This editorial by Lawrence McQuillan describes the birth of TUCA (The Unaffordable Care Act) as clearly as any I have seen.  Like any well written piece, there is much more to it, but he concisely nails it.  McQuillan was identified as affiliated with the Independent Institute, home to many of the writings of Professor Robert Higgs, one of my favorites, and author of “Crisis and Leviathan.”  For a taste of Higgs, check this out.

McQuillan and Higgs write clearly and are to the point.  It all makes sense and flows logically.  No literary acrobatics are needed because…well, because what they are writing is simply and obviously true.  These men would characterize themselves as fans of the “Austrian School” of economics (sound money and limited…very limited…government).  The writings of the “Austrians” are clear like this, bringing an understanding of economics to the layman and a piercing analysis of the lies of the “state” to a new level.  Check out Henry Hazlitt’s “Economics in One Lesson,” or Lew Rockwell’s “Speaking of Liberty,” or “The Left, The Right & The State.” 

Contrast McQuillan’s editorial to this one by Wayne Madsen.  In this editorial he is idolizing Karen Ignagni, lobbyist for the big insurance companies, and the role she played in crafting TUCA along with her success in bribing key legislators to support this bill.  He tips his hat to her and her clients (insurance companies and legislators) for doing the right thing, only to later write that Ignagni is now perceived by many of these same clients as a traitor to “the cause.”  Madsen ends by thanking Ignagni for this bait and switch.  She basically betrayed everyone in the country then betrayed those who were paying her, leaving no one out!  Madsen compliments her for this.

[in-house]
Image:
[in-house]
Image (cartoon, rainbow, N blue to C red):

Madsen’s bias is clear when he writes,” Ironically, health care insurers did the right thing for Americans, by backing legislation that ultimately will improve the health of everyone.”  There is simply no evidence that socialized medicine anywhere it has been tried has resulted in improving people’s health.  In fact, there is massive evidence that medical care, once politicized, becomes a vicious game, where one’s worth to the “state” many times determines whether one lives or dies.  Once the “state” pays for the care, the “state” controls what care is delivered and who gets it and why.  If you are of no use to the state….well…we know how that has turned out in the past, don’t we?  

As long as government has a role in health care, market distortions caused by bureaucrats (well-meaning or not) will result in shortages or surpluses, these market disruptions many times resulting in misery or death, not just stuff missing from store shelves.  I am increasingly drawn to writers like McQuillan who call it like it is, pulling no punches.  

G. Keith Smith, M.D.